The FMU School of Education is one of four schools in the U.S. to receive a project-based learning grant through the Buck Institute for Education (BIE).
The grant will extend over three years and consists of more than $700,000 in professional development resources.
According to Dr. Tracy Meetze-Holcombe, dean of the FMU School of Education, the BIE program is highly respected within the education field.
“The Buck Institute is the premier resource for project-based learning nationwide,” Meetze-Holcombe said. “It is very expensive professional development but very renowned in the field.”
According to Meetze-Holcombe, project-based learning teaches students how to approach real life problems using a problem-based approach. She said it is helpful because students are more prepared when entering the workforce than they would be if they had only experienced lecture-based learning.
These students will experience multiple aspects of project-based learning, according to Meetze-Holcombe, including learning and teaching in this way.
“The first prong in professional development teaches them what it’s like to be a student in a problem-based classroom, because the reality is many of us have never been a student in that kind of environment,” Meetze-Holcombe said. “The second aspect is learning to teach in a problem-based methodology.”
According to Meetze-Holcombe, the idea for applying for this grant came from Amy McAllister-Skinner, a graduate of the FMU English education program. McAllister-Skinner is currently an employee of the Lake City school district, Meetze-Holcombe said.
The professional development from BIE will train FMU’s student teachers and university supervisors as well as the cooperative teachers, according to Meetze-Holcombe. She said that they will be trained together in a professional learning environment.
Only student teachers assigned to the Lake City school district during spring semesters of the next three years will be able to participate in this professional development opportunity, Meetze-Holcombe said. She said that students who want to participate in this opportunity should request it rather than being randomly placed.
Additionally, Meetze-Holcombe said that students who have shown a strong work ethic during their time at FMU are more likely to be assigned to Lake City.
“This is not an opportunity that we are going to allow people to waste,” Meetze-Holcombe said. “There are so many students who really want the opportunity, so there will be some selection of who gets to go in terms of what they have shown us up to this point, their academic performance.”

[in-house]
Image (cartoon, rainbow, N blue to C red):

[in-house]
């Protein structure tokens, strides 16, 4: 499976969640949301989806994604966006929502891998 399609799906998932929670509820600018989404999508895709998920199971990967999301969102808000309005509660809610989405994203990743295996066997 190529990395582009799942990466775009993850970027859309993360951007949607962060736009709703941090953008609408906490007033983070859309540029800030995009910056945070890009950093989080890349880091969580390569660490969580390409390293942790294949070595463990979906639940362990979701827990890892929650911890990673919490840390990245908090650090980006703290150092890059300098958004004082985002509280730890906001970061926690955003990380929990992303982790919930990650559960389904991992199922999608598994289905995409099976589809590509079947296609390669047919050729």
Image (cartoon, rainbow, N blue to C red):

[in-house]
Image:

According to Meetze-Holcombe, the training students will receive is invaluable and state-of-the-art, and they could not have received it without the grant.
“The excitement for us is that we would’ve never been able to afford to provide our students with this sort of professional development without this grant,” Meetze-Holcombe said. “It’s training that they usually wouldn’t get until they got into the field, but our guys are now going to get it before they even become teachers.”
According to Meetze-Holcombe, the professional development will also assist the students with employability.
“This professional development has been proven to work,” Meetze-Holcombe said. “We know this is what employers are after; there are entire districts that try to go after the problem-based training. Now, our students will have that training so they will be more employable.”
The BIE will conduct a longitudinal study to determine how the collaboration and project-based learning affects student achievement Meetze-Holcombe said.
“All I know about the study now is they have their own group of researchers who will come in and look at whether and how this model affected student achievement in the long run,” Meetze-Holcombe said.
Meetze-Holcombe said that it was one of the biggest and most complex grants she has written.
Both the FMU School of Education and the Lake City school district had to complete the grant process to be selected, Meetze-Holcombe said.
“Both of us had to turn everything in on time and completed and also do a good job with it,” Meetze-Holcombe said. “It’s really neat that we were one of four schools in the nation to be chosen. It’s not just a regional thing.”
Meetze-Holcombe said she is proud that FMU is now able to offer project-based learning to undergraduate education students since it could only offer this learning to graduate students in prior years.
“This was a chance for us to expand on this important teaching to our undergraduate level, and it will really benefit them,” Meetze-Holcombe said.